- Once an attorney is registered, she will no longer have to input personal and professional information when making an e-filing;
- It will automate the provision of personal and professional information on lawyers, judges and case management officers;
- It will monitor things like continuing legal education, and even matters for the welfare of lawyers;
- It will improve the system of requiring lawyers to be of good standing and pay their annual dues;
- It will automate the issuing of practice certificates, and provide a transparent manner for the public to check on practitioners;
- It will assist our Registrars, who have to calculate the number of years standing for each lawyer to be able to fix the scale of fee payable annually; and
- It will automatically show which lawyers have professional indemnity insurance, something that litigants are clamouring for.
As I consider the changes that have taken place in the practice of law in the OECS in the past 50 years, that we could, at the start of the period, never have imagined were possible, I realise that any attempt to forecast what the practice of law will be like after another 50 years lies in the realm of science fiction. But, some things seem obvious to me now.
In just a few years’ time, no lawyer will employ a messenger to attend at the courthouse to file a paper claim or defence; this will all be done automatically by accessing the Registry online. The court Registry will be replaced by the cloud.
Already, most modern West Indian lawyers’ offices do not house a single textbook, unless it is for decorating the walls in the conference room. In the modern law firm, all legal research is now done online.
There are things that lawyers have traditionally done that can be automated today. Artificial or Augmented Intelligence (A.I.) is coming to the practice of law and the determination of disputes. There is no sense fighting it. IBM’s Watson is considered by many to be the most significant technology to come to law. According to a May 2016 release, ROSS, ‘the world’s first artificially intelligent attorney’ powered by Watson, recently landed a position at New York law firm Baker & Hostetler handling the firm’s bankruptcy practice. Lawyers ask ROSS research questions in natural language, just like they were talking to a colleague, and the A.I. ‘reads’ through the law, gathers evidence, draws inferences, and returns with a ‘highly relevant’, evidence-based answer. The program gets smarter and continues to improve the more it is used. It also keeps track of developments in the legal system, especially if anything pertains to a lawyer’s specific case.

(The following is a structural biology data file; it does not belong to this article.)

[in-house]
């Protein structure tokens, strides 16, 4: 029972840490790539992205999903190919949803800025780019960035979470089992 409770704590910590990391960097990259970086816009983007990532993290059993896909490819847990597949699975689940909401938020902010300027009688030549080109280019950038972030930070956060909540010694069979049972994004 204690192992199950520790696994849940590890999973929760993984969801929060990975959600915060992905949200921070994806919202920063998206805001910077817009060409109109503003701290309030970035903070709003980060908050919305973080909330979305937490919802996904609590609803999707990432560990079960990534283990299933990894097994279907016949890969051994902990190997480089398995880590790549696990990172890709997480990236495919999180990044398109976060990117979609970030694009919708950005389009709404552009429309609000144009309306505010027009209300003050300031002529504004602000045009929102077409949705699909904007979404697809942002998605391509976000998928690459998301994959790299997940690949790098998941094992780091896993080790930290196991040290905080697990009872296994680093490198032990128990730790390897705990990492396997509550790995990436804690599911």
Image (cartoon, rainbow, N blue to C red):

As A.I. becomes more efficient and pervasive, most lawyer’s routine legal work, such as writing opinions and lawyers’ letters, and drafting contracts and wills, will be handled by software. Today in London and New York, if you feel you have been wrongfully issued with a parking ticket, you can fill out a questionnaire and hire the free on-line robot lawyer DoNotPay. It fires off a letter contesting the citation. Has your flight from Miami to Paris been delayed, and you want some compensation? DoNotPay will draft the letter for you. The 20-year old Stanford University student who developed the application claims a success rate of 60% in the 200,000 cases DoNotPay has handled in the last two years.
While systems like ROSS and DoNotPay are unlikely to displace the reasoning processes of lawyers, there are very few legal tasks that require a lawyer to apply ‘bespoke’ reasoning. More commonly, lawyers apply ‘proven’ approaches in slightly different contexts. This is where bot-lawyers like ROSS and DoNotPay will play an increasingly important role. It may take a little longer for A.I. to invade the judicial realm, but that will become commonplace. There are many rulings the judge is called upon to make that are routine, and for which the necessary algorithms will soon be written. A ‘bot judge’ will then be able to deliver an automated and instantaneous ruling. The result is that law will become more accessible and transparent, as it should be.
In time, there will be no requirement for witnesses to go through the process of attending a trial in person. After all, we no longer accept trial by battle as the only way to arrive at the truth. Nor do we any longer accept that torture is the natural way to obtain true evidence, at least most of us don’t.
In the years to come, the court will observe a hologram, a three-dimensional representation of the witness sitting in the witness box, broadcast electronically from the place where the witness is located, and observe and listen to his or her hologram speaking, to determine what the truth is. Sensors will inform the Judge and lawyers immediately a witness is not being truthful. A transcript will be created in real-time, and the whole process will be recorded for future use, e.g., on an appeal.
Advocacy will become entirely electronic. Oral arguments are already becoming a thing of the past. Legal practitioners will have to rely on their filed submissions. At the conclusion of the trial, the Judge will no longer sit in person and read the judgment aloud. Instead, the Judge will deliver the judgment by posting it onto the court’s website, and move on to the next case before the parties have even had the time to read it.